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Storage permit is surrendered, but issues linger

Triangle Inc. worker Peter Muthua (left) joins Gerard Torre, a group home resident he helped after November's explosion, checking on its reconstruction Monday. Triangle Inc. worker Peter Muthua (left) joins Gerard Torre, a group home resident he helped after November's explosion, checking on its reconstruction Monday. (DAVID KAMERMAN/GLOBE STAFF)

The owners of an ink and paint factory in Danversport that exploded last November have given up a license to store chemicals there, but a public hearing on Tuesday to possibly revoke the license will go forward, town officials said.

The hearing before the Board of Selectmen is expected to be short and uncomplicated. "They're surrendering their license," Town Manager Wayne P. Marquis said. "We do not plan to hold an evidentiary hearing, with detailed presentations."

W. Paul Needham, a Boston lawyer for CAI, declined to comment on behalf of the company. Thomas J. Flannagan, a Danvers lawyer representing Arnel, could not be reached for comment.

The two companies that shared the factory on the Waters River, CAI Inc. of Georgetown and Arnel Co. of Danvers, have sent separate letters to the town stating their intent to give up their flammable storage license.

They do not admit any liability for the Nov. 22 blast, which damaged 70 homes or businesses in the surrounding Danversport neighborhood. State and federal investigators say the explosion was probably caused when chemical vapors ignited with an unknown source inside the plant.

At least one resident still would like the board to consider revoking the license, which allowed the companies to store 10,500 gallons of chemicals on the site, which covers less than an acre. The property is in the midst of an environmental clean up.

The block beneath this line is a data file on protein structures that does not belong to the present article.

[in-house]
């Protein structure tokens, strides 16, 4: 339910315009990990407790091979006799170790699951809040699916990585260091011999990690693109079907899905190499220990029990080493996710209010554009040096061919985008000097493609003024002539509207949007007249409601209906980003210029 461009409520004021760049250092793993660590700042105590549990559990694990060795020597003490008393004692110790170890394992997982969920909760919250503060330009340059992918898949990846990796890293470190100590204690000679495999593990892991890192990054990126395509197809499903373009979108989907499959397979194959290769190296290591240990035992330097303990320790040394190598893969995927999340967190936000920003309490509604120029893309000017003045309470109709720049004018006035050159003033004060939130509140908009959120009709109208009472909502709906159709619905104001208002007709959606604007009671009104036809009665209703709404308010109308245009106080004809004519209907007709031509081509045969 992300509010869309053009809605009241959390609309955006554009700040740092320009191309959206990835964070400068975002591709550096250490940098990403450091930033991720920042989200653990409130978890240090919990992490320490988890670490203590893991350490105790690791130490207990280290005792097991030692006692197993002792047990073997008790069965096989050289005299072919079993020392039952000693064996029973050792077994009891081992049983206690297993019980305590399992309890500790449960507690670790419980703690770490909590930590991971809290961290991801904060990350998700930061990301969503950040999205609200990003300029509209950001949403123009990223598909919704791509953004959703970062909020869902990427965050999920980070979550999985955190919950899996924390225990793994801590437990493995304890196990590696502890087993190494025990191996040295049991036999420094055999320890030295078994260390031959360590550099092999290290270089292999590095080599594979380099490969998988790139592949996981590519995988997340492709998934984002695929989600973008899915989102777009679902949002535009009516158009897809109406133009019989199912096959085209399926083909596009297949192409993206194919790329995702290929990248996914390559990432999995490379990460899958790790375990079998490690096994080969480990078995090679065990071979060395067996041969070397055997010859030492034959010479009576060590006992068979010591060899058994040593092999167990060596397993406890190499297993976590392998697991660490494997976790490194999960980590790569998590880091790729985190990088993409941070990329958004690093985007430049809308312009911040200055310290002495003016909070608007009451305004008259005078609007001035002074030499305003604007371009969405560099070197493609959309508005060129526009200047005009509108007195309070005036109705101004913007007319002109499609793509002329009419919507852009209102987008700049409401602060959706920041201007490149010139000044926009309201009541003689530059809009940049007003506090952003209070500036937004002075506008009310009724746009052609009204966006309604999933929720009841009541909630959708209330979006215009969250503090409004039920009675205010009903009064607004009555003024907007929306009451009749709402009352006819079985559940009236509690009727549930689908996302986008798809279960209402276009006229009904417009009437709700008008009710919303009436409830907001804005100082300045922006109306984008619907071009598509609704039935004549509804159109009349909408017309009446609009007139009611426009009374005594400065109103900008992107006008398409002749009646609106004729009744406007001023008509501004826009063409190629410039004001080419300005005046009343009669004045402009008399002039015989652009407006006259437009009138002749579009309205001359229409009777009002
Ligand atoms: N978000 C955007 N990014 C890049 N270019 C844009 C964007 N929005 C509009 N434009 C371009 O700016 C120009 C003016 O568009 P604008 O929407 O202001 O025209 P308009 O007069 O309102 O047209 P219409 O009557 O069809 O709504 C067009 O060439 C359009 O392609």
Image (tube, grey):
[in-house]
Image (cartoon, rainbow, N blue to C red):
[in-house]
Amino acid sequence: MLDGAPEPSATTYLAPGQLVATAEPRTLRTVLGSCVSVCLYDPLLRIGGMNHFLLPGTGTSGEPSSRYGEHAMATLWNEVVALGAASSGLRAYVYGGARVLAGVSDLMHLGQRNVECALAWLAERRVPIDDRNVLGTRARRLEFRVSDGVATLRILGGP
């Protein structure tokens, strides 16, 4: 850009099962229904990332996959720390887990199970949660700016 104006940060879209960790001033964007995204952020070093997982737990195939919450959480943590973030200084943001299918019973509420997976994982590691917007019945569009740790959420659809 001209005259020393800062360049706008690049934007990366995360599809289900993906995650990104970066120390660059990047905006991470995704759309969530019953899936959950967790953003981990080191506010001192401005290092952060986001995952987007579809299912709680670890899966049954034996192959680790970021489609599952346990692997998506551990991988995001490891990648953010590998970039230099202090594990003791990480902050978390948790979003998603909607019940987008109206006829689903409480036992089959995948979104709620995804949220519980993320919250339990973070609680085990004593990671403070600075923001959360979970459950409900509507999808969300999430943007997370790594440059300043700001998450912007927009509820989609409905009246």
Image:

"It's in their power to revoke this license forever," said Andrea Daley, who said her family home on Riverside Street was so badly damaged by the blast that it must be torn down. "That should be on the table to be discussed."

Marquis said a formal vote to revoke the license could be moot. "I can't comment on whether the Board of Selectmen might vote to revoke or not," he said. "But once a license has been given up, it's gone."

Under state law, flammable storage licenses are granted to a property's owner, not a business using the site. In Danversport, a succession of owners have held the license to store chemicals on the site since 1944. Realty trusts controlled by the companies each own 50 percent of the license.

Once a license is granted, it is automatically renewed when the holder pays an annual fee.

A public hearing is not required for the registration. CAI and Arnel paid the $150 annual fee in May, according to the town.

The renewal stunned residents, who urged the selectmen to hold the hearing. CAI and Arnel responded by notifying the town that they would be giving up the shared license.

"Arnel wishes to diffuse any controversy over the renewal of the subject license by voluntarily relinquishing its right under that license," a lawyer for Arnel wrote.

Arnel, which made ink that is printed on plastic shopping bags, has since gone out of business. CAI, which makes industrial paint and coatings, continues to operate from its Georgetown headquarters.

In its letter, CAI wrote, " Voluntarily withdrawing the renewal of the registration is the best course of action for the community as a whole."

Some local residents agreed. "Obviously, they appreciated our position," said Ed Sanborn, 42, an organizer of Safe Area for Everyone, a neighborhood group that formed after the blast. "Our neighborhood wasn't the place for that plant."

"It's a good move," said David Marcou, 34, who recently started rebuilding his Bates Street home, which abutted the now-razed factory.

CAI cited an intense public debate at a selectman's meeting last month, when residents urged the board to take action.

In its letter, the company questioned whether it would be treated fairly. "Several of these speakers appear to have personally adjudicated the matter based on preliminary reports and without any evidentiary input, which leads the company to the conclusion that the likelihood of an impartial hearing, which focuses on the merits, has been compromised," the letter states.

The Board of Selectmen's chairman, Michael Powers, disputed the company's assertion. "A number of people were deeply concerned about the renewal," he said.

"But I tried to tell them that while we understood their sentiments, we had to act in accordance with the law."

He said the board will follow the law on Tuesday.

"The hearing will be as fair as possible," Powers said. "We'll read those letters into the record. We will take them at face value."

Kathy McCabe can be reached at kmccabe@globe.com

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